Apps & Mobile

New Spotify Apps Add Radio, Concerts

image from post by Eliot Van Buskirk of

Spotify quietly rolled out a couple of new apps for the desktop version of its freemium music service: SeatGeek, which lets you buy concert tickets based on the music you listen to (sort of like SongKick); and DFX Radio, which makes customized radio stations either based on an artist you’ve listened to recently, or consisting only of music by that artist.

Here’s the deal with each of these new entrants now vying to capture the attention of Spotify users, who have been huge fans of previous Spotify apps, prompting us to wonder why competitors like Rdio and Rhapsody don’t try a more similar approach.


The first time you fire up SeatGeek (by going to the App Finder in the left navigation bar within the desktop version of Spotify, because these apps are only for desktop), you’re presented with a list of upcoming shows in your area based on your favorite artists within Spotify.

SeatGeek says you can sign in to a SeatGeek account for better recommendations, but you probably don’t have one — and if you create a new account, your SeatGeek recommendations will remain identical to what they were before you had an account, unless you manually specify your 4-5 favorite teams or bands. Unfortunately for me, two of the bands I tried initially failed to resolve to the proper band — The Fall and The Men — due to the generic nature of their names:

Seatgeek_the_fall-273x238No, please, not Fall Out Boy

Seatgeek_the_men-285x238I want to add The Men, as in the amazing Brookly-based
rock band, not as in some lacross thing.

However, the app is free, its timeline-like design makes it easy to scan every once in a while for recommended shows coming to your area, so we can’t complain too much about it. With so many shows to choose from (if you live in a place like Brooklyn) or only a scant few coming to town that you don’t want to miss (if you don’t), it can’t hurt to install this app in your Spotify client to glance over now and again, even if its band-tracking features leave something to be desired.

Pro tip: Try linking SeatGeek to your account to make things easier — or, failing that, your friend’s account, because you don’t need to know the user’s password in order to enter their name into SeatGeek to improve recommendations.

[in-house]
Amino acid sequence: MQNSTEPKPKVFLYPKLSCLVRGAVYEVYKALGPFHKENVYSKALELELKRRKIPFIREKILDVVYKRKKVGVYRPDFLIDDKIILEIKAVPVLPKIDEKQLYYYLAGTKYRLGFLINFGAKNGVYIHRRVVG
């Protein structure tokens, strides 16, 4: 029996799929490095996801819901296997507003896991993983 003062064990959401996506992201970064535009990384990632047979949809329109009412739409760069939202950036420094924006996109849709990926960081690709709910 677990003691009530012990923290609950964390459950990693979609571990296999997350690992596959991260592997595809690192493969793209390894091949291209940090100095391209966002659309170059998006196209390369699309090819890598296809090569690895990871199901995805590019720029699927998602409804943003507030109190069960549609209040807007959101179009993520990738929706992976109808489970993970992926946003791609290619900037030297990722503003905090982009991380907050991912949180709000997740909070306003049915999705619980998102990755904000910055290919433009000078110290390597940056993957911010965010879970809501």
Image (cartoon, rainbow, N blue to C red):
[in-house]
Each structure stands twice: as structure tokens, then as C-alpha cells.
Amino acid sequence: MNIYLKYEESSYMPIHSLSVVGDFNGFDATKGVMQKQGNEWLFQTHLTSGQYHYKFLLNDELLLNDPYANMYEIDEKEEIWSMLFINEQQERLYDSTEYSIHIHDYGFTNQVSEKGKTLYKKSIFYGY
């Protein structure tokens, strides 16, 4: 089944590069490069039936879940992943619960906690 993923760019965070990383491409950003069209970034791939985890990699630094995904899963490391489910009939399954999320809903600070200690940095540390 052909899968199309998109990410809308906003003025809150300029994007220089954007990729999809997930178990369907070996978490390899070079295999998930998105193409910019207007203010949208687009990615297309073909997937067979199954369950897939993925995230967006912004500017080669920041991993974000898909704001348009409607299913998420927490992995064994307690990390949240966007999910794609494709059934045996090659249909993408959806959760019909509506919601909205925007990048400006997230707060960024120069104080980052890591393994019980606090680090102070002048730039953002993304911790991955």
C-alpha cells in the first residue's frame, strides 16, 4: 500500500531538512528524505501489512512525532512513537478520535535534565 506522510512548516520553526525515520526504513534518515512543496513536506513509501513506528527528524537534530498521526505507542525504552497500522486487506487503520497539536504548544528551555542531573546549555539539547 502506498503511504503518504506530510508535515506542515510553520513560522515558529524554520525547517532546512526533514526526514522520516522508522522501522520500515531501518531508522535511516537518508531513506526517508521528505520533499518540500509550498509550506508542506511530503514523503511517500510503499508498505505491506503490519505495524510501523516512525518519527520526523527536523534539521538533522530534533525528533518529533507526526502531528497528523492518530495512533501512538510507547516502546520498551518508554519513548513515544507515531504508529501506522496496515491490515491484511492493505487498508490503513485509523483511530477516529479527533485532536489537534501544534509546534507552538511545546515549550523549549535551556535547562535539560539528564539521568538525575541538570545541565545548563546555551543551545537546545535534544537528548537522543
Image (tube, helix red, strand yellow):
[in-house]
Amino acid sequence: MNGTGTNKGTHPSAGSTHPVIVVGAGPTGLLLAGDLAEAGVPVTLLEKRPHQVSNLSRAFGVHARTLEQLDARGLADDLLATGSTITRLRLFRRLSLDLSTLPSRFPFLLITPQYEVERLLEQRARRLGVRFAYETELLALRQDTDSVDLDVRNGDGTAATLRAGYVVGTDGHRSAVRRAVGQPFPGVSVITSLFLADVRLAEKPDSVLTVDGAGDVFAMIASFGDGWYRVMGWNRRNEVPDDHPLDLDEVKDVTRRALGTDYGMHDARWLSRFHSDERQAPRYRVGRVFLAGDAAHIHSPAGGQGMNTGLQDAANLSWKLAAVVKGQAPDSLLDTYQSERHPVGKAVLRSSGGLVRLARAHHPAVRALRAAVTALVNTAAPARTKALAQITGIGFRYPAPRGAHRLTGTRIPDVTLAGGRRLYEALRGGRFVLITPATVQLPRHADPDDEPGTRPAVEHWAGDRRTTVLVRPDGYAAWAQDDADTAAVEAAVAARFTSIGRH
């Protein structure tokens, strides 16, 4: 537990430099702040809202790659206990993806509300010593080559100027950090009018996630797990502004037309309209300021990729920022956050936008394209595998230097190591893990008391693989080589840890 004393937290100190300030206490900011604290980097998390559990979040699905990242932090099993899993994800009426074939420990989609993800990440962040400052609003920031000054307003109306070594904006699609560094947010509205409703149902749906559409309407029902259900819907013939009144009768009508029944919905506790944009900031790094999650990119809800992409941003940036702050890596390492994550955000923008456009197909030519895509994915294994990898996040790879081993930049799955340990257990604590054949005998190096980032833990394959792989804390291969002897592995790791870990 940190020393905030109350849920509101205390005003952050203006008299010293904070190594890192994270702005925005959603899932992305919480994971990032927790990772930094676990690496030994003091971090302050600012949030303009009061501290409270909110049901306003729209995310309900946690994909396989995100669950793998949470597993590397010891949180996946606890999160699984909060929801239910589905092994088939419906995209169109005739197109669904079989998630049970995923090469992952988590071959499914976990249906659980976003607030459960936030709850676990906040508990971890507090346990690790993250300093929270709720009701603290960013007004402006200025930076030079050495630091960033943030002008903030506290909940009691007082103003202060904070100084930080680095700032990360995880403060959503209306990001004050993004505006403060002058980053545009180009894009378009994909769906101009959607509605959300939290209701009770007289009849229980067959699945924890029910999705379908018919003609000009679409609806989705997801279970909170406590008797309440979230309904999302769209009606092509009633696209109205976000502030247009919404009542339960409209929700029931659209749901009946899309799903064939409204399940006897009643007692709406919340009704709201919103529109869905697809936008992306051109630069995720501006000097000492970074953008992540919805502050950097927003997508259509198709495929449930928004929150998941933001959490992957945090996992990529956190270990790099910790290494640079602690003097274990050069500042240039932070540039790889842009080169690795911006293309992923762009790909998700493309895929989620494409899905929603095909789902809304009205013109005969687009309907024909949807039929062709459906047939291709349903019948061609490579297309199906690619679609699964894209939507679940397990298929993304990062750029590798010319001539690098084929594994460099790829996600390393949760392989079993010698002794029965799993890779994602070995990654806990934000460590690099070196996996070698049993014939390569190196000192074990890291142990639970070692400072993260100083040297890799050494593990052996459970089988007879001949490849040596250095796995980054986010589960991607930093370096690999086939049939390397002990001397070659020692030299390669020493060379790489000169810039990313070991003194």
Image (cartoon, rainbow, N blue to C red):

DFX Radio


On one level, this branded app is essentially an ad designed to upsell you to the DFX Audio Enhancer, a $40 DSP (digital signal processor) whose developer says it can improve the sound in Spotify and other digital music programs. But it goes beyond being a mere advertisement, and can actually be pretty useful.

Radio DFX looks at the last artist you listened to (or any artist you specify after that) and creates a radio station with five “explore levels” that let you venture farther away from the sound of the artist around which the station is based. Or, you can listen to a radio station consisting only of music from that one band. Either way, you can save the radio station as a Spotify playlist, where you can edit it and listen to it later — a nice touch.

Some of the recommendations are a bit suspect. Fall Out Boy again? And this time in a Sigur Ros station?


But this never happens in the one-artist-only mode, obviously, and level 3 brought up much better recommendations than did level 2 (pictured).

Ultimately, there’s so much music out there, and these apps are so easy to install and so fast to load within Spotify, that we’re hard-pressed to think of a reason why a Spotify user wouldn’t install this one, even if only to provide the starting point for the occasional playlist.

We feel the same way about SeatGeek. It’s not perfect, but if you’re already in the habit of firing up Spotify to find something new, it can’t hurt to have either of these tools at your disposal.

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